After returning from his recent work in Pakistan with Midland Doctors, Dr Irshad Soomro was featured in an article in the Nottingham Evening Post of the 4th of October. To read more about his work see the update below for the 23rd of September 2010.
City Hospital doctor re-homes 60 families in Pakistan who were hit by floods
“These are very poor people anyway,” said Dr Soomro. “We are talking about an average farmer probably making around £50 a month. “They are acutely poor. This has brought more suffering upon them. “We had to move about 60 families. “They have about seven or eight children, and now they don’t have any income.
“The families themselves don’t know how things will work out. “They are just praying that the water will go down. Some were still in their homes, in the water, [in]mud houses that had collapsed. “They have not got the money to rebuild their homes.” Dr Soomro, a member of Midlands Doctors Association, which is helping with the flood relief effort in Pakistan, inherited the rice farm from his father. He estimates between £50,000 and £60,000 worth of crops have been lost.
The association was formed by a group of doctors in the Midlands who decided to set up a permanent hospital in Pakistan after the country was hit by an earthquake in 2005. After the floods occurred around six weeks ago, the group decided to tackle the immediate problem first, and help people who lost their homes in the floods. Dr Soomro said: “I have never seen so much water. “I go every year, and every year I see new development. “To see all that gone to waste – all the streets and the devastated crops… it hurts.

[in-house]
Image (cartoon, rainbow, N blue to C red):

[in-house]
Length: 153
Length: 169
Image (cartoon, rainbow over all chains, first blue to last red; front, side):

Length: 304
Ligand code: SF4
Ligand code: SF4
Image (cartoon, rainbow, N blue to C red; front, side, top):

“We went to the villages and there are still people who have not left their houses. “They said crime is also not being controlled in the area. “Health provision is not very good in the area, anyway. “Water brings with it disease and the temperature is very hot. These conditions are very encouraging for the growth of bacteria, and this has meant we have seen a lot of gastroenteritis, especially in children and older people.”
Dr Soomro, of Wollaton, said incidences of scabies and TB were also common because of the overcrowding. He described travelling from Karachi to the farm, which usually takes 45 minutes. Because of the water he had to drive, use a boat and then a tractor to get to the farm – a journey that took more than three hours. Oxfam have also been working with him and his family and, using his sister’s home in Shikarpur, have given out about £1m in vouchers for people to buy food and provisions.